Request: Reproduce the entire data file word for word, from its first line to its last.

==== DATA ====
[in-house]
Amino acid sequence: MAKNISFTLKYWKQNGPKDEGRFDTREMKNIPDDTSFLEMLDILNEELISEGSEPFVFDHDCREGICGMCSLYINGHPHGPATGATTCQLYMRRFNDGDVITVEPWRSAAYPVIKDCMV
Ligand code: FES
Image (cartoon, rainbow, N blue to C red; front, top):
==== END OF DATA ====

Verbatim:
[in-house]
Amino acid sequence: MAKNISFTLKYWKQNGPKDEGRFDTREMKNIPDDTSFLEMLDILNEELISEGSEPFVFDHDCREGICGMCSLYINGHPHGPATGATTCQLYMRRFNDGDVITVEPWRSAAYPVIKDCMV
Ligand code: FES
Image (cartoon, rainbow, N blue to C red; front, top):